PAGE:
‘My children’


I know: you wait for ages for blog posts mentioning Poems on the Underground, and then two come along more or less at once.

But I was tidying up a bit ahead of Christmas and found a slim volume called World Poems on the Underground, published as part of London 2012’s cultural festival and given to Tube passengers. Don’t let anyone tell you that there aren’t compensations for travelling on Europe’s most expensive transit system. (That’s English irony, before I get any comments.)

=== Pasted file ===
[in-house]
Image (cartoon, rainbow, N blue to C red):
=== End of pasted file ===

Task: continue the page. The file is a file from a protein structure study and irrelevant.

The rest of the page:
Anyway, the booklet contains one of my favourite Poems on the Undergound, one that I’d transcribed when I first saw it, by the Kurdish poet Choman Hardi, who now lives in London.

My Children

I can hear them talking, my children
fluent English and broken Kurdish.

And whenever I disagree with them
they will comfort each other by saying:
Don’t worry about mum, she’s Kurdish.

Will I be the foreigner in my own home?

Choman Hardi

It’s from her collection Life For Us, published by the essential Bloodaxe Books. There’s an excellent interview with Hardi by Benjamin Morris at Textualities.


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